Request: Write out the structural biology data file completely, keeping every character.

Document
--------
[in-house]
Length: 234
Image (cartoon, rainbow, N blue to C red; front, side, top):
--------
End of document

[in-house]
Length: 234
Image (cartoon, rainbow, N blue to C red; front, side, top):